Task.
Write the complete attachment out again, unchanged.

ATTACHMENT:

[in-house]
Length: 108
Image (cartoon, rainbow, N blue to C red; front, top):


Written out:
[in-house]
Length: 108
Image (cartoon, rainbow, N blue to C red; front, top):